Your hearing aids don’t sound right despite the fact that you just changed the batteries. Things just sound off, like they’re a little bit dull and distant. It’s like some of the sound is missing. When you do some basic research, a low battery seems to be the most likely cause. Which frustrates you because you keep the batteries charged every night.
Even so, here you are, struggling to hear your bunch of friends carry on a conversation around you. This is precisely the situation you got hearing aids to prevent. Before you get too angry with your hearing aids, there’s one more reason for this diminished sound you may want to check: your own earwax.
You’re Hearing Aids Live in Your Ears
Your hearing aids reside in your ear, normally. Your ear canal is at least contacted even by an over the ear design. And for best efficiency, other models have been designed to be positioned directly in the ear canal. Wherever your hearing aid is positioned, it will encounter an ever-present neighbor: earwax.
Now, earwax does a lot of important things for the health of your ears ((various infection can actually be avoided because of the antibacterial and anti-fungal qualities of earwax, according to many studies). So earwax is not a bad thing.
But earwax and hearing aids don’t always work together quite as well–the standard functionality of your hearing aid can be impeded by earwax, especially the moisture. The good news is, this isn’t really a surprise to hearing aid manufacturers and earwax doesn’t often move in unpredictable ways.
So a protective feature, called wax guards, have been integrated so that the effective function of your device isn’t hampered by earwax. And those wax guards could be what’s causing the “weak” sound.
Things to Know About Wax Guards
There is a tiny piece of technology in your hearing aid called a wax guard. The idea is that the wax guard allows sound to go through, but not wax. Wax guards are essential for your hearing aid to continue working correctly. But issues can be caused by the wax guard itself in certain situations:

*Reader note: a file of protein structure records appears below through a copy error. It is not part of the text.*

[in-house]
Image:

- When you purchased your new wax guards, you got the wrong one: Every model and maker has a different wax guard. If you get the wrong model for your particular hearing aid, your device’s functions may be diminished, and that may result in the hearing aid sounding “weak.”
- It’s been too long since the wax guard was cleaned: Cleaning your wax guard needs to be a monthly (or so) upkeep routine. A wax guard blocks the wax but it can become clogged and like any kind of filter, it has to be cleaned. Sound waves can be blocked if earwax is plugging up the wax guard and once in a while, you will need to clean it.
- A professional clean and check is required: At least once a year you should have your hearing aid professionally cleaned and checked to be certain it’s functioning correctly. And in order to make sure your hearing hasn’t changed at all, you should also have your hearing tested regularly.
- You have an unclean hearing aid shell: When you’re changing your earwax guard, it’s essential that your hearing aid shell be correctly cleaned as well. If your hearing aid shell is plugged with earwax, it’s possible some of that wax may find its way into the inside of the device while you’re swapping the guard (and this would clearly hinder the efficiency of your hearing aids).
- You haven’t replaced your wax guard for a while: Wax guards need replacing like any other filter. There’s only so much cleaning that can be done to a wax guard! When cleaning no longer does the trick, you may have to change your wax guard (you can buy a special toolkit to make this process easier).
Make sure you follow the included instruction for best success with your wax guard.
I Replaced my Wax Guard, What’s Next?
You should hear much improved sound quality once you switch your wax guard. Hearing and following conversation should become much better. And that can be a real relief if you’ve been aggravated with your (fully charged) hearing aid.
There’s undoubtedly a learning curve in regards to maintaining any complex device like hearing aids. So don’t forget: It’s most likely time to replace your wax guard if the sound quality of your hearing aid is poor even with a fully charged battery.